On March 19, Roger Cornwell, General Manager of River Garden Farms, testified before the California State Senate Agriculture Committee in support of Senate Bill 253.
SB 253 is authored by Senator Bill Dodd (Napa), whose district includes portions of the Sacramento Valley.
NCWA supports SB 253, which will create a framework for the California Department of Food and Agriculture to provide voluntary incentives and technical assistance for farmers to adopt practices that help wildlife and the environment through a new Environmental Farming Incentive Program. SB 253 will also help advance the valuable partnerships among farmers and ranchers, water suppliers, conservation organizations, and state and federal agencies that are essential to supporting these actions that benefit both the economy and the environment.
In his testimony—provided in full below—Mr. Cornwell described the work of River Garden Farms to explore new ways to enhance fish and wildlife habitat while maintaining a high-level of efficiency and productivity, as well as the opportunities that SB 253 will help expand to more farms.
Good morning Madam Chair and Members, and thank you for the opportunity to testify in support of SB 253. My name is Roger Cornwell and I am the General Manager of River Garden Farms.
River Garden Farms manages 15,000 acres of corn, walnuts, rice, alfalfa, sunflowers, safflower and wheat on the west side of the Sacramento River in Yolo and Colusa Counties. River Garden Farms has been family owned and operated since 1964, and our second- and third- generation owners are dedicated to progressive farming and being an integral part of our local community.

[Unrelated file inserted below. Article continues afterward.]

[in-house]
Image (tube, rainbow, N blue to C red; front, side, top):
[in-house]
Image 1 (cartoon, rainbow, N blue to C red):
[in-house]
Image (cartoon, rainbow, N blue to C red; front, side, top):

On the farm, there has been a long-standing commitment to manage resources and make significant investments for ecosystem improvements—both fish and wildlife. As a result, we have direct experience with the types of actions that this bill would incentivize and promote.
To briefly outline two examples of actions that we have taken:
First, our farm has participated in The Nature Conservancy’s BirdReturns program to help optimize the water bird habitat benefits of our seasonally-flooded rice fields. In addition to decomposing rice straw to prepare the fields for the next year’s planting, this practice provides critical habitat for migrating birds.
Second, we are currently partnering with California Trout, UC Davis, and others to demonstrate the ability of flooded rice fields to grow fish food—zooplankton and other bugs, or what we like to call “floating filets”—that can then be reintroduced into the Sacramento River for the benefit of Chinook salmon and the wider food web.
River Garden Farms is unique—with a supportive partnership group and the size to take on these actions at scale, we are able to help explore new ways to enhance fish and wildlife habitat. But we are always aware of the fact that we are competing in a global economy and need to maintain a high-level of efficiency and productivity.
SB 253 will create a framework at the state level that will help promote actions that can benefit our economy and the environment, as well as streamline incentives so that all farmers can consider similar opportunities.
I respectfully ask for your support for this measure. Thank you for your time, and I’d be happy to answer any questions.